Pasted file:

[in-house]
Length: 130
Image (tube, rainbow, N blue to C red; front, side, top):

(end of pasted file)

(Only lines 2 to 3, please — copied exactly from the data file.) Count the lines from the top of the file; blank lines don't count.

Length: 130
Image (tube, rainbow, N blue to C red; front, side, top):